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    Coat of ArmsMedia Release
    Minister for Fire and Emergency Services
    The Honourable Craig Crawford

    Rural Fire Service vehicles to receive new life-saving technology

    Minister for Fire and Emergency Services
    The Honourable Craig Crawford

    Saturday, May 26, 2018

    Rural Fire Service vehicles to receive new life-saving technology

    Automated External Defibrillators (AEDs) will be installed on all new Queensland Fire and Emergency Services (QFES) Rural Fire Service (RFS) vehicles from July, Fire and Emergency Services Minister Craig Crawford said today (Saturday).

    Mr Crawford said the life-saving technology would be fitted as part of a QFES capital funding program.

    “This initiative will result in about 50 new RFS vehicles being fitted with AEDs each year, at an annual cost of about $132,000,” Mr Crawford said.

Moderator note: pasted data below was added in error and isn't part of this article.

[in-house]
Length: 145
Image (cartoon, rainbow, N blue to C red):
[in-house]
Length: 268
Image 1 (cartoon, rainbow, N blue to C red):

“The device is a form of first aid which can provide lifesaving early treatment in the case of cardiac arrest. It delivers an electric shock to the heart that converts the life-threatening heartbeat back to a normal rhythm.”

    Mr Crawford said the AEDs would be vital for RFS brigades, who were often the first responders to incidents in rural and regional areas.

    “There will be programs in place to train staff in first aid and maintenance of the equipment,” he said.

    “The device will greatly enhance the safety of not only QFES staff and volunteers, but also members of the public. This is yet another example of how QFES prioritizes the safety of its workforce and the community it services.”

    QFES Commissioner Katarina Carroll said there were more than 120 RFS vehicles across the state already fitted with AEDs.

    “For many years AEDs have been installed in various brigades’ RFS trucks through grants, additional funding and community group funding including the Red Cross and Rotary Australia,” Ms Carroll said.

    “The AEDs will equip those on the front line protecting Queensland communities for the long-term future, particularly brigades in remote areas where medical assistance could be some distance away.

    “While they may never have to use it, it’s reassuring for staff and volunteers to know they have the equipment on hand to save a life,” she said.

    ENDS

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